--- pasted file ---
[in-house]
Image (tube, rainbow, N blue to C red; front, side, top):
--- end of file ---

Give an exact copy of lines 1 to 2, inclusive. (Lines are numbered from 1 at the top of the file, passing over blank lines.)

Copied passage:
[in-house]
Image (tube, rainbow, N blue to C red; front, side, top):